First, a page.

This article was originally published by Mennonite World Review

Made in God’s image?

I was happy to see that MWR picked up Micah Brickner’s article from Eastern Mennonite Missions about my involvement at Tyndale Seminary. The article gets the story right, but I feel that the headline, “Two Faiths’ Followers Reflect God’s Image,” is problematic.

Muslims and Christians are all made in the image of God, but the headline could be misconstrued to say that Islam and Christianity reflect the image of God. I reject that idea. Muslims and Christians only reflect the image of God because they are people, God’s creations, not because of their religions.

The title is also problematic because Muslims reject the idea that humans are made in the image of God as dangerously anthropomorphic. In Islam, people are God’s “vice-regents” but never “made in his image.” My Muslim co-presenters did not use or make any allusions to imago dei. Instead, they focused on human responsibility and capacity to live up to God’s revealed laws.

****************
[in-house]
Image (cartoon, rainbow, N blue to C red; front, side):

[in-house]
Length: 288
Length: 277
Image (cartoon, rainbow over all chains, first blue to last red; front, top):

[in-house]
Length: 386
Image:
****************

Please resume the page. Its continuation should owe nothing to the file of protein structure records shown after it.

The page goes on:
Khalid Hajji, founder of the Brussels Forum for Wisdom and World Peace, talked about a Muslim concept of God and the importance of relationships within the community. He reflected on humanity’s attempt to reach the transcendent God and how God had sent the Quran as a revelation. He spoke of humankind’s seeking after God. Yaser Ellethy, associate professor and director of the Center for Islamic Theology at the Vrije Universiteit Amsterdam, noted that human attempts to reach God have failed, but God reached down through the Quran and prophets to give humanity instruction.

I deeply appreciate MWR and love its international scope.

Jonathan Bornman
Lancaster, Pa.

The writer is a member of Eastern Mennonite Missions’ Christian-Muslim Relations Team.

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